Home > Australia, food, Local produce, Review > Olive festival: Watercress Creek Olives & Limes

Olive festival: Watercress Creek Olives & Limes

Scandals plague the olive  industry from time to time: be it oil that isn’t what it’s claimed to be, or Aussie farmers being bought out by Chinese business interests. Now, more than ever, it’s worth knowing who’s growing your food and where it’s actually coming from. Buying local isn’t a quaint legacy of a 1980s green-and-gold advertising campaign; it’s actually smart, environmentally sensible and fair (if you believe that what goes around, comes around).

But this is a good news story, so let’s get to the good bits.

Watercress Creek Olives & Limes

If you’ve ever wondered where places like Brisbane’s Cloudland source their delicious olives, I can let you in on a well-kept secret: Watercress Creek Olives & Limes, at Pine Mountain.

The property is near Ipswich and has bounced back remarkably after Queensland’s devastating floods of 2011. If you’re a dedicated foodie, you should contact the Mahon family by email and request an invitation to their next Olive festival. Entry is free, but unfortunately, you’re going to have to wait a year.

Tour of the grove

I had the pleasure of attending on 11 March 2012: the day was a stunning success, beautiful food and scenery. Be sure to get a tour of the olive and lime grove. And instructions on how to marinate your own olives.

Bernie giving a tour of the grove. What goes into growing your olives is simply amazing.

Some of the delights of the day…. There were products featured from other locals, including sheep milk cheeses, honey, natural soaps, woodturning pieces, to name a few.

What came home with me….

Limes & olive delights

The sheep-milk cheese was a lovely surprise, quite unlike cow or goat milk products. It made my Sunday night ironing in front of the tv something special, along with a few olives, figs and dark bread.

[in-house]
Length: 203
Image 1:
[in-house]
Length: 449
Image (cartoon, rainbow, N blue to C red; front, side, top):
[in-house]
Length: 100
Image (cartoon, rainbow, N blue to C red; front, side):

A tip for using limes: the green ones are best for your Coronas (beer) and other drinks; the yellowish ones are sweeter and best for marinating fish. A tip for storing limes: freeze them either whole (wrapped in plastic) or squeeze them out and store the juice frozen in ice cube trays.

I’m going to have a lot of fun cooking with my variously infused olive oils. They’ll make great gifts for the people I most love to visit at dinner time, also. Just sayin’.

  1. March 16, 2012 at 6:06 am

    What a fantastic day out, and some different products to try as well, you will have to let us know how they go. 🙂

    • March 16, 2012 at 7:08 am

      Howdy Mags – sure – I’m pretty excited. So far, I can report that the Red Berry Carmelised Aged Balsamic is delicious on a simple taste test (think I’ll put it on a salad), the Fig Caramelised Aged Balsamic too. Planning to put the Ginger one on fish soon 🙂 They also make a Chocolate balsamic which goes on icecream, but I had to draw the line somewhere 🙂

  2. March 16, 2012 at 4:44 pm

    I think it is great to buy food from the place it is grown. Buy local!!!!!

    • March 16, 2012 at 6:05 pm

      Totally agree! Your blog showcases that to wonderful effect. Listening to producers speak about their work is inspiring. Local always tastes better too.

  3. April 2, 2012 at 6:47 pm

    Totally agree! Your blog showcases that to wonderful effect. Listening to producers speak about their work is inspiring. Local always tastes better too.

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